Reuse and Recycling of Electric Vehicle Batteries
JERA Co., Inc.
With the recent popularization of electric vehicles and hybrid vehicles, the number of used batteries from electric vehicles (hereinafter referred to as “battery”) is expected to grow in the near future. At present, although some batteries are reused on a small and limited scale, most of them are not reused and are incinerated for recycling, and the residue is smelted and extracted.
In addition, storage batteries are expected to be used as a variety of tools, such as for the purpose of decarbonizing electricity by renewable energy, for the purpose of adjusting supply and demand for local production and local consumption of energy systems, for the rationalization of thermal power generation operations, and for BCP applications.
In order to effectively use the abundant battery resources, our company will reuse the EV batteries in the electric power system. Also, considering economic efficiency and CO2 emission reduction, our company will develop new battery recycling technologies without incineration. These actions will lead to a low-carbon and recycling society.
As electric vehicles are expected to become more popular in the future, our company aims to reuse batteries collected from electric vehicles as an energy storage system. Even if the battery recovered from the electric vehicle has deteriorated, by combining a large number of batteries and appropriately controlling them, it is possible to use them to adjust supply and demand in line with the expansion of the introduction of renewable energy and to respond to frequency fluctuations, which contributes to reasonable operation of thermal power plants.
However, for further expansions of secondary use of batteries, there are problems in estimating battery life and evaluating the value and reliability of the used storage batteries. In order to solve these problems, we are conducting joint development of technology to utilize batteries in electric power systems with Toyota Motor Corporation, which leads technological development such as efficient selection, safe use of low performance batteries and different performance batteries, and long-term operation. By establishing this technology, we aim to build an energy storage system that can easily incorporate different types of batteries regardless of the manufacturer or type of battery.
As a concrete effort, a small-scale reused storage battery system utilizing reused batteries is being constructed, and the operation of each device combination is verified, problems as a system are identified, and utility optimization and control methods are sought. From the studies conducted so far, it has been confirmed that the reused storage battery system has the function of adjusting supply and demand and responding to frequency fluctuations.
As the next step, we will aim to build a facility structure that matches the type and volume of the reused batteries in the future, such as by combining nickel-hydrogen batteries and lithium-ion batteries, which have different characteristics as batteries, and we will study ways to expand the range of reusing batteries.
The batteries use rare earths such as nickel and cobalt, which are imported. At present, the method generally used to recycle batteries is smelting and extracting of nonferrous metals after incineration, in order to easily detoxify the energy accumulated in the battery. However, in order to secure rare earths for the future era of mass introduction of storage batteries, it is necessary to improve the efficiency of recycling technology and to recycle them without incineration from the viewpoint of CO2 reduction. Therefore, our company is establishing new recycling processes that are highly efficient and can reduce CO2 emissions.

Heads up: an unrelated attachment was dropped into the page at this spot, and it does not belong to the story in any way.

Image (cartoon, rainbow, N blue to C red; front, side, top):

As a concrete measure, we are developing recycling methods and processes for both nickel-hydrogen batteries and lithium-ion batteries without incineration.
As for nickel-hydrogen batteries, the feasibility of each elemental technology was confirmed through laboratory tests, and a pilot plant was constructed and verified, and it was confirmed that the recycling process was established.
We also verified the elemental technologies of lithium-ion batteries and confirmed that recycling methods similar to those of nickel-hydrogen batteries can be applied. On the other hand, it is necessary to establish a safe and optimum pretreatment method for lithium-ion batteries, and the methods of cutting and crushing the batteries and extracting the electrolyte needs to be verified. Furthermore, we will expand the recycling range by establishing a technology for recovering lithium contained in electrolyte.
In the future, through the establishment of new battery recycling methods that do not involve incineration and the improvement of material recovery rates, we aim to stabilize the procurement of rare earths in Japan, to reduce CO2 emissions compared with conventional methods, and to contribute to the popularization and expansion of electric vehicles.
Toyota Motor Corporation
1. Demonstration of Electric Vehicle Batteries Reuse and Recycling
2. FY 2018 Report on Demonstration Project of Equipment Technology for CO2 Reduction Recycling
3. Materials presented by the Working Group for the Promotion of Reuse of In-Vehicle Batteries of the Electric Motor Vehicle Utilization Society
（Utilization of Reused Batteries for Electric Vehicles in Electric Power Systems）
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